5 MINUTE READ
Software applications are critical for modern unions – from dues management, member engagement through to business intelligence to support decision making and more. When introducing technologies, it is common for organizations to acquire point solutions to solve specific business problems (e.g., communication broadcasting platform, accounting system, membership management system). While point solutions tend to cost less and easier to implement, unions approaching software applications this way tend to result in a fragmented technology ecosystem, resulting in issues such as multiple and inconsistent copies of members records, duplication of processes, and a lack of standardization.
To fully take advantage of technology, modern unions should consider an integrative technology ecosystem where data across different software programs are able to interface and flow from one program to another. When done correctly, it is really what allows modern unions to realize the full benefit of their software investment and use data to its full potential.
As your union moves towards an integrative technology ecosystem, here are the benefits and challenges for your consideration:
Single Source of Truth and Information Sharing
Creating an integrative technology ecosystem (or sometimes referred to as enterprise application integration) enables the flow of information between separate software programs within a union or local, as well as from external sources seamlessly. For example, locals update member records internally through different activities such as dues management and organizing. Locals also regularly receive worker data from a myriad of external sources, such as employers or benefit providers, all with different data formats.
Application integration can consolidate such data collection efforts, eliminating the redundancies of having each application collect and store data for its own purposes. Integration can also create a single source of truth and a single point of access to data for the people who need it. That means staff spends less time searching for information – and the data they get is often more complete and up to date. Integration also enables more effective collaboration between individuals and departments as operations are no longer siloed in separate applications and departments.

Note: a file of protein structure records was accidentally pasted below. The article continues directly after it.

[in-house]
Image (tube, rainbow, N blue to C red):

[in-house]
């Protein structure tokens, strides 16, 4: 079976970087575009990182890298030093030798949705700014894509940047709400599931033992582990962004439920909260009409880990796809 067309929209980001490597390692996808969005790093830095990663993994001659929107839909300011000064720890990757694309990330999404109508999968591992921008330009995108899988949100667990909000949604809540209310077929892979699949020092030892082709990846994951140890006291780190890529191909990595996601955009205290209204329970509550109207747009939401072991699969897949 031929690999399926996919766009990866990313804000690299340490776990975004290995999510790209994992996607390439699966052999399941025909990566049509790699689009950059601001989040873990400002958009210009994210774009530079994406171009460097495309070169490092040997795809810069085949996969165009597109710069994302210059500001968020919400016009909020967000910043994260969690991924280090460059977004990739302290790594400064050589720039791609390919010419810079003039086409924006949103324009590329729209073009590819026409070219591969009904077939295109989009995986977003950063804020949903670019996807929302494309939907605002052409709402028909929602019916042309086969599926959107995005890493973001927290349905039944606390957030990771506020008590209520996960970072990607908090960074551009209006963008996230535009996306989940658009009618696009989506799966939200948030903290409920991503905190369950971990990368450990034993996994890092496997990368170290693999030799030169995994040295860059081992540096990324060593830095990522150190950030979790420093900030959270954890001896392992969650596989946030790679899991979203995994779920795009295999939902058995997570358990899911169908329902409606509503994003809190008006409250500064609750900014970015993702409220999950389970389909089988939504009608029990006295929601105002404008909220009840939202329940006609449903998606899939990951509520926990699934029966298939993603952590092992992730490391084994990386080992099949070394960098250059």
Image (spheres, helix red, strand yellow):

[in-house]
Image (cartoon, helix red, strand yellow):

Application integration can also streamline processes that include data or activity from multiple software applications. For example, data from a membership management system can be integrated with a member engagement platform to deliver targeted messages to members based on their prior behaviour or demographics. That effort could then be coupled with an analytics package to measure the success of the engagement campaign.
Business Intelligence to Better Inform Decision Making
One of the highest business benefits of application integration is that it allows unions to recognize and respond to opportunities more quickly. Application integration can help unions address shifts in its membership, identify administrative bottlenecks and more – all from a single interface.
While the promise of seamless application integration offers several benefits to improve productivity,
increase connectivity, and more, there are some challenges unions should be aware of as well:
While connecting a union’s applications and streamlining business processes do sound appealing, it can be quite complex. Stakeholders across the organization need to be aligned with what the end goals of an application integration plan consist of before proceeding. With planning, unions can identify priority areas to invest in and deprioritize or even forgo areas where low value will be achieved with integration.
Control (Or Lack Thereof)
Integration developers have a limited range of control over the many different business applications. Legacy applications and packed applications may not be easily changed or connect with an integration solution.
The challenge with integration is that most messaging systems and applications use different data formats. Within an enterprise integration platform, for example, existing XML Web Services are only responsible for a small portion of integration challenges. Standardizing all data exchange to XML may not always be feasible. So, ensuring that all pieces of your integration environment are supported requires advanced data transformation capabilities.
In summary, a seamlessly integrated technology ecosystem allows an organization to have a single source of truth when it comes to critical business data (e.g., membership records). It also encourages information sharing across the organization, streamlines business processes, and enables staff to make data-driven decisions with holistic and reliable data. In other words, an integrated technology ecosystem is a critical foundation that enables staff to be productive and provides them the ability to identify and act on issues or opportunities in a timely manner.